Hominid Ancestors Saw Nearby Supernova As Second Sun
BBC News Online: Sci/Tech
Wednesday, July 7, 1999 Published at 16:11 GMT 17:11 UK
'Star material' recovered from South Pacific
By BBC News Online Science Editor Dr David Whitehouse
Atoms that have travelled to Earth from a distant, exploded star have been
discovered for the first time, scientists claim.
The radioactive iron-60 atoms were recovered from ocean sediment on a
seafloor site in the South Pacific. German astronomers believe they came to
Earth from a supernova, one of nature's grandest spectacles.
When a single star explodes, it can outshine an entire galaxy of suns for
several days. It becomes brighter than a hundred thousand million stars and
light from the explosion can still be detected on Earth even if the
explosion is right on the edge of the known Universe.
Scientists are seeing supernovae all the time - they have become useful
tools for measuring the size of the Universe. On one occasion, rare and
ghostly particles called neutrinos have even been detected from a supernova.
However, finding atoms that have been ejected in the explosion is a little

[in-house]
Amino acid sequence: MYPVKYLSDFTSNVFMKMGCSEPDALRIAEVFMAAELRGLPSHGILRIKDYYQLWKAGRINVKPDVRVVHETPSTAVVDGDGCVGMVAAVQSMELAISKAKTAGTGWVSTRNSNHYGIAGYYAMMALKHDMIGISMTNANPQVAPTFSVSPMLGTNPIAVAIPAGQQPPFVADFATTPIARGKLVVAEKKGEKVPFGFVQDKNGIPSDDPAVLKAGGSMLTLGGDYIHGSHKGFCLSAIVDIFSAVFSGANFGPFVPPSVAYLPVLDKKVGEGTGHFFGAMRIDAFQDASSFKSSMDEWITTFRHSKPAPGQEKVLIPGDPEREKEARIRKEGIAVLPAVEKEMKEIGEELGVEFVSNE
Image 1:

controversial. In a sense, all the atoms on Earth, with the exception of
hydrogen and helium, have been processed through, or created in, supernovae
many millions - even billions - of years ago. Without supernovae there
would be no heavier elements in the Universe.
But the German team, from Technische Universit�t M�nchen and the Max-Plank
Institute, say the iron-60 atoms were deposited on Earth relatively
recently - only a few million years ago.
Several sediment layers in the South Pacific were dated, and the samples
looked at with a device called an accelerator mass spectroscope that can
detect faint traces of iron isotopes.
Because Iron-60 decays by half every 1.5 million years, the levels detected
in the sample, and the lack of terrestrial sources of the isotope point to
a relatively nearby and recent supernova as its source, the researchers say.
They think the supernova may have been just 90-180 light years from the
If this is true, our hominid ancestors must have seen it as the brightest
thing in the sky after the Sun. If the supernova had been any closer, it
might even have affected the Earth's climate, possibly causing the
extinction of species and damage to the land and upper layers of the oceans.
*Universe is 12 billion years old (26 May 99�|�Sci/Tech)
*When a star explodes (08 Feb 99�|�Sci/Tech)
*Explosion on the edge of space (18 Dec 98�|�Sci/Tech)
*Supernova Cosmology Project
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